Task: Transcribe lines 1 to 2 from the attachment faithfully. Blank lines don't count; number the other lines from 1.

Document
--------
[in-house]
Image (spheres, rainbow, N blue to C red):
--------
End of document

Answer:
[in-house]
Image (spheres, rainbow, N blue to C red):